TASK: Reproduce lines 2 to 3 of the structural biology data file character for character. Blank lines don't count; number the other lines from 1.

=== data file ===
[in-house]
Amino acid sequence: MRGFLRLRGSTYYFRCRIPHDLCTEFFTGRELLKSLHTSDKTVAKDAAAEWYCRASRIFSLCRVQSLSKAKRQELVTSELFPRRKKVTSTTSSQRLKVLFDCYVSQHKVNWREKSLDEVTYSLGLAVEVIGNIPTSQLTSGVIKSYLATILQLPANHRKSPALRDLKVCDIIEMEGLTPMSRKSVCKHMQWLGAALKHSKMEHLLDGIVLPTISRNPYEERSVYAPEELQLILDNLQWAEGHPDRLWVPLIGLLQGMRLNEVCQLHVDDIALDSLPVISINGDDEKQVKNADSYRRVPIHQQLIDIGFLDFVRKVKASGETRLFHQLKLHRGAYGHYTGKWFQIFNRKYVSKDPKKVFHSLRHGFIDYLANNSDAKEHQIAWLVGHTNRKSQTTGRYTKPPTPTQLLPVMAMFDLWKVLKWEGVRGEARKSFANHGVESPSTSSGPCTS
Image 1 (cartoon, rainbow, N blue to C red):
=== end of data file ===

Amino acid sequence: MRGFLRLRGSTYYFRCRIPHDLCTEFFTGRELLKSLHTSDKTVAKDAAAEWYCRASRIFSLCRVQSLSKAKRQELVTSELFPRRKKVTSTTSSQRLKVLFDCYVSQHKVNWREKSLDEVTYSLGLAVEVIGNIPTSQLTSGVIKSYLATILQLPANHRKSPALRDLKVCDIIEMEGLTPMSRKSVCKHMQWLGAALKHSKMEHLLDGIVLPTISRNPYEERSVYAPEELQLILDNLQWAEGHPDRLWVPLIGLLQGMRLNEVCQLHVDDIALDSLPVISINGDDEKQVKNADSYRRVPIHQQLIDIGFLDFVRKVKASGETRLFHQLKLHRGAYGHYTGKWFQIFNRKYVSKDPKKVFHSLRHGFIDYLANNSDAKEHQIAWLVGHTNRKSQTTGRYTKPPTPTQLLPVMAMFDLWKVLKWEGVRGEARKSFANHGVESPSTSSGPCTS
Image 1 (cartoon, rainbow, N blue to C red):